Illinois Marathon: Man happy he went distance despite pain

Illinois Marathon: Man happy he went distance despite pain

CHAMPAIGN – It's not often you hear someone say in the same breath he's ecstatic and in excruciating pain. Ben VonBehren did Saturday, smiling, wincing and sucking in air through clenched teeth as he limped into Memorial Stadium at 3 p.m.

The 22-year-old Sadorus man completed his first marathon with his aunt holding him up. A veteran of about 20 marathons in the last 12 years, Anita Sanders, 48, had the doting aunt aura big-time as she helped her nephew cross the finish line.

They may not have been the very last to finish, but they were pretty close to the end with times of six hours, 50 minutes. They were the last to cross the finish line before the course for the first Christie Clinic Illinois Marathon officially closed.

"I ran half and I walked half," said VonBehren of the marathon. "I'm happy. I'm ecstatic I made it as far as I did. I am in excruciating pain."

VonBehren credited his aunt, of suburban Dallas, as being his inspiration.

A mother and grandmother, Sanders said she has run about 20 marathons in the last 12 years and has done four Iron Man triathlons – swimming, biking and running.

"I've done as many as three in a year but I've tapered off since I became a grandma," Sanders said of her marathon schedules. "The one who gives me all my strength is the Lord."

Sanders, an assistant project manager for a commercial real estate company in Dallas, and VonBehren, an Eastern Illinois University student, began cooking up the idea of participating in the Champaign marathon over the phone during a call at Christmas. Sanders' mother, sisters, and several nieces and nephews live in this area.

A Unity High School graduate, VonBehren said he started running cross-country when he was in the sixth grade and has always liked to run but never competed in a marathon.

He and Sanders used the computer to draw up a training schedule for VonBehren. He said he ran about six to 10 hours per week, usually in the morning before classes and again in the afternoon.

VonBehren said he had previously had knee surgery to repair a torn meniscus, and that knee was talking to him on Saturday. So did the other knee. During the race, he had both knees and an ankle taped. And to add injury to injury, he discovered two blisters on the outside of each ankle.

After stopping to use the portable toilets along the route, getting his knees to move again was a new experience in pain. He said he had to lean on his aunt for several steps to get going again.

Despite the pain, giving up was not an option.

"No. That was not in my mind. I came determined to finish if I had to crawl or walk on my hands. That's another one of my talents," said VonBehren, who was also an Eagle Scout.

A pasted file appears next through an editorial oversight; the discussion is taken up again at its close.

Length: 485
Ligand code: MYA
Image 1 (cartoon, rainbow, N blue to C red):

He was planning on a snack of ibuprofen and lots of ice after the race.

"I am so proud of him. He's got such a drive, such a huge potential," said Sanders.

The veteran marathoner said she liked Saturday's race course.

"I would say toward the end, there was a lot of uphill. There was a lot of enthusiasm along the route, a lot of encouragement," Sanders said.

Champaign police Sgt. Scott Friedlein, who coordinates special event for the department, said he thought things went pretty well.

"Obviously, it's a new event and we've got a lot of good ideas for future improvements," he said.

Traffic delays were greater than anticipated in some areas, but Friedlein theorized that's because many motorists chose to go through, rather than detour around, the course at certain spots.

"From my perspective, I don't see why we wouldn't repeat it," he said of the event, acknowledging that other city administrators would make that decision.

Friedlein's boss, Assistant Police Chief Troy Daniels, 45, said he wasn't at all happy with his finish time of five hours and 33 minutes, but he thought the event was fun. He was one of at least six Champaign police officers to run the 26.2 mile course.

"It was great to see so many people come out and get behind it. All the volunteers were so helpful," he said, adding he "absolutely" wanted to quit before the end but got a boost from fellow officer and veteran marathoner Mark Strzesak.

Only one person taken to hospital

Medical officials overseeing Saturday's race reported only one person needing to be taken to a hospital but many who got checked out by emergency medical technicians.

Christie Clinic training specialist and medical liaison for the race, Jill Rackow, said the person taken to the hospital went after finishing the 26.2 mile marathon, close to noon.

"He crossed the finish line and was complaining of chest pains and shortness of breath, so we sent him straight into the emergency room," Rackow said.

She said there were 29 ambulance calls, meaning that something was wrong and EMTs checked out the runners.

"If the problem was treatable, we sent them to the nearest first-aid station to get treated and they either went back to running or dropped out," she said.